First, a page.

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Hello! Long time lurker, first time poster, mom to a 6.5 y/o PANDAS boy with a question about food restriction/anorexia. I've read a lot here (esp from beerae22 who seems to have been on a similar journey with her DD) and it's been soooo reassuring to know that we're not the only ones out there dealing with this. In a nutshell, DS had an abrupt onset of typical PANDAS symptoms in February 2014. With prompt antibiotic treatment (mostly Rocephin injections - he would take nothing by mouth), most symptoms went away (or decreased so that his level of functioning was no longer greatly impaired). The only residual symptom was the severe food restriction. At the worst point, DS would only consume McDonald's vanilla milkshakes (no toppings! perfect temperature!) and popsicles. Thankfully, I was able to find a paper online that had been co-authored by a doctor who works at an eating disorder clinic within driving distance that treats "food phobia." We got him into their partial hospitalization program in July where he was on a moderate dose of olanzapine and a feeding tube was placed. After about a month, the program did its "magic" and DS was eating like a little piggy! He gained 10 lbs during August! During the past few weeks, we've seen him starting to restrict again. Things really amped up after a relatively mild virus (a bit of vomiting and fever for ~24 hours then diarrhea for a few days). He's eating practically nothing during the day, and has stopped eating several staple foods. While he is still doing the "bite, chew, swallow" and eating solids and crunchy foods, the tics (which mostly happen while he eats) are back in a big way. He's getting messier (before treatment he would take a bath after he ate anything) and eating less in quantity. I'm getting scared. His pediatrician has him on Zithromax 500 mg three times a week as strep prophylaxis. I'm going to contact the doctors at the eating disorder program (one of whom knows Swedo a bit) to see if they can recommend someone but wondered if the parents who've been through this can offer any advice or tell me what worked for their child. In my mind, we could try different antibiotics (he won't swallow pills - grrrr) but IVIG will likely be the "big fix." Basically we've been telling the medical doctors what to do and backing it up with published research (husband is MD and I'm NP) but I don't want all of this on us - it's way over our heads. Should we consult Dr T? Dr K? We're headed on vacation to Mexico for a week and I have a feeling this might push DS back into full-blown restriction mode. Haaaaalp!!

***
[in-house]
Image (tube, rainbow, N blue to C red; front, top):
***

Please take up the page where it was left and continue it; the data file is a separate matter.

http://online.liebertpub.com/doi/pdf/10.1089/cap.2014.0063 here's the abstract, you can read the full-text by clicking the link above Abstract Objective: Sudden onset clinically significant eating restrictions are a defining feature of the clinical presentation of some of the cases of pediatric acute-onset neuropsychiatric syndrome (PANS). Restrictions in food intake are typically fueled by contamination fears; fears of choking, vomiting, or swallowing; and/or sensory issues, such as texture, taste, or olfactory concerns. However, body image distortions may also be present. We investigate the clinical presentation of PANS disordered eating and compare it with that of other eating disorders. Methods: We describe 29 patients who met diagnostic criteria for PANS. Most also exhibited evidence that the symptoms might be sequelae of infections with Group A streptococcal bacteria (the pediatric autoimmune neuropsychiatric disorder associated with streptococcal infections [PANDAS] subgroup of PANS). Results: The clinical presentations are remarkable for a male predominance (2:1 M:F), young age of the affected children (mean = 9 years; range 5–12 years), acuity of symptom onset, and comorbid neuropsychiatric symptoms. Conclusions: The food refusal associated with PANS is compared with symptoms listed for the new Diagnostic and Statistical Manual of Mental Disorders, 5th ed. (DSM-V) diagnosis of avoidant/restrictive food intake disorder (ARFID). Treatment implications are discussed, as well as directions for further research.